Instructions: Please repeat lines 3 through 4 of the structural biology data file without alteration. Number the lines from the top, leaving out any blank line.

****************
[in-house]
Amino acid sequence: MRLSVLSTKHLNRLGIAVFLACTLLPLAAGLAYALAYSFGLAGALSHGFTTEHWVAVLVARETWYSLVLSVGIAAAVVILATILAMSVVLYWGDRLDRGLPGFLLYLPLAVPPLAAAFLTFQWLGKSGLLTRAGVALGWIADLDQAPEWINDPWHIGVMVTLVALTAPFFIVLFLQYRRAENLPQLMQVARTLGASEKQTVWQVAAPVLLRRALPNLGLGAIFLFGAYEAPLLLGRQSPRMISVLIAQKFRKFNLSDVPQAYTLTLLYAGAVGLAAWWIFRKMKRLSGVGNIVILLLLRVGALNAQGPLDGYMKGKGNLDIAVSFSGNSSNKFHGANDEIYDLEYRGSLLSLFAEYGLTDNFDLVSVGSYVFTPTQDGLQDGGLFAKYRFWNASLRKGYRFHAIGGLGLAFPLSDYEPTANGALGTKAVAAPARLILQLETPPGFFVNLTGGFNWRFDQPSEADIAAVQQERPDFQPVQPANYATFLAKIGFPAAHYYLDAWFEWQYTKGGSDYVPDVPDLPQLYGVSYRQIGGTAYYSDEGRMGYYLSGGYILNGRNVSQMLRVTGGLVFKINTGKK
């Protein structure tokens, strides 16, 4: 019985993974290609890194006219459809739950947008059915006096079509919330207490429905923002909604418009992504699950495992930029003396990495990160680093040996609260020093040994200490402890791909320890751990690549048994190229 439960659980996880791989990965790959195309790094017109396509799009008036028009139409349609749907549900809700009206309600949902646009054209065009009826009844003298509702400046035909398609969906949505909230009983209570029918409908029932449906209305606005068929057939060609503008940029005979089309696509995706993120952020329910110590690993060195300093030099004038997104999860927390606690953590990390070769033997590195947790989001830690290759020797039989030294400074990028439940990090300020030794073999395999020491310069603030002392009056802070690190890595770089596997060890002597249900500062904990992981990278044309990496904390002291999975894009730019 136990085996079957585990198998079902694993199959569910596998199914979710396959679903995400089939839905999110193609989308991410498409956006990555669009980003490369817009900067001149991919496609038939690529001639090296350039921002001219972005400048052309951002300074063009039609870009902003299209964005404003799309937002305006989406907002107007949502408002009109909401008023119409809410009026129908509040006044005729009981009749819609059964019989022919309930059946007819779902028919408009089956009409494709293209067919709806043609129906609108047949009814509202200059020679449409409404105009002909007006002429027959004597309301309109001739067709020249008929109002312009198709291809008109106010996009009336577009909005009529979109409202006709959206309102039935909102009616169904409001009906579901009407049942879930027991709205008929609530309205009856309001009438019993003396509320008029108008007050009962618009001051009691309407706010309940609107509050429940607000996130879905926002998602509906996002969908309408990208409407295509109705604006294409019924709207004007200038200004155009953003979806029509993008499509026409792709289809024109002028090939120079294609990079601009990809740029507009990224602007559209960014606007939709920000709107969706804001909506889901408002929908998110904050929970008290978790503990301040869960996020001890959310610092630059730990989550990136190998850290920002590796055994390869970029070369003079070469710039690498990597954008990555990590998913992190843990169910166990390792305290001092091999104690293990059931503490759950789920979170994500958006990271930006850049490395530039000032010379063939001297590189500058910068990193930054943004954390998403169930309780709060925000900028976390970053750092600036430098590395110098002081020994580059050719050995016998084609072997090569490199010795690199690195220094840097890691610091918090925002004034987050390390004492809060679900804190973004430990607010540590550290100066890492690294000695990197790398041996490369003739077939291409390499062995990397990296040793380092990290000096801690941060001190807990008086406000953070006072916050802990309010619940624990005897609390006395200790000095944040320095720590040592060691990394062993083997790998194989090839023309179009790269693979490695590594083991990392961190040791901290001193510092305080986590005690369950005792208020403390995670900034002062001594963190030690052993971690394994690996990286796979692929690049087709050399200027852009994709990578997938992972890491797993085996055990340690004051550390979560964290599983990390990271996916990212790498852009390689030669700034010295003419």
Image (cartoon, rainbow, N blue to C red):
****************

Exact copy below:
């Protein structure tokens, strides 16, 4: 019985993974290609890194006219459809739950947008059915006096079509919330207490429905923002909604418009992504699950495992930029003396990495990160680093040996609260020093040994200490402890791909320890751990690549048994190229 439960659980996880791989990965790959195309790094017109396509799009008036028009139409349609749907549900809700009206309600949902646009054209065009009826009844003298509702400046035909398609969906949505909230009983209570029918409908029932449906209305606005068929057939060609503008940029005979089309696509995706993120952020329910110590690993060195300093030099004038997104999860927390606690953590990390070769033997590195947790989001830690290759020797039989030294400074990028439940990090300020030794073999395999020491310069603030002392009056802070690190890595770089596997060890002597249900500062904990992981990278044309990496904390002291999975894009730019 136990085996079957585990198998079902694993199959569910596998199914979710396959679903995400089939839905999110193609989308991410498409956006990555669009980003490369817009900067001149991919496609038939690529001639090296350039921002001219972005400048052309951002300074063009039609870009902003299209964005404003799309937002305006989406907002107007949502408002009109909401008023119409809410009026129908509040006044005729009981009749819609059964019989022919309930059946007819779902028919408009089956009409494709293209067919709806043609129906609108047949009814509202200059020679449409409404105009002909007006002429027959004597309301309109001739067709020249008929109002312009198709291809008109106010996009009336577009909005009529979109409202006709959206309102039935909102009616169904409001009906579901009407049942879930027991709205008929609530309205009856309001009438019993003396509320008029108008007050009962618009001051009691309407706010309940609107509050429940607000996130879905926002998602509906996002969908309408990208409407295509109705604006294409019924709207004007200038200004155009953003979806029509993008499509026409792709289809024109002028090939120079294609990079601009990809740029507009990224602007559209960014606007939709920000709107969706804001909506889901408002929908998110904050929970008290978790503990301040869960996020001890959310610092630059730990989550990136190998850290920002590796055994390869970029070369003079070469710039690498990597954008990555990590998913992190843990169910166990390792305290001092091999104690293990059931503490759950789920979170994500958006990271930006850049490395530039000032010379063939001297590189500058910068990193930054943004954390998403169930309780709060925000900028976390970053750092600036430098590395110098002081020994580059050719050995016998084609072997090569490199010795690199690195220094840097890691610091918090925002004034987050390390004492809060679900804190973004430990607010540590550290100066890492690294000695990197790398041996490369003739077939291409390499062995990397990296040793380092990290000096801690941060001190807990008086406000953070006072916050802990309010619940624990005897609390006395200790000095944040320095720590040592060691990394062993083997790998194989090839023309179009790269693979490695590594083991990392961190040791901290001193510092305080986590005690369950005792208020403390995670900034002062001594963190030690052993971690394994690996990286796979692929690049087709050399200027852009994709990578997938992972890491797993085996055990340690004051550390979560964290599983990390990271996916990212790498852009390689030669700034010295003419």
Image (cartoon, rainbow, N blue to C red):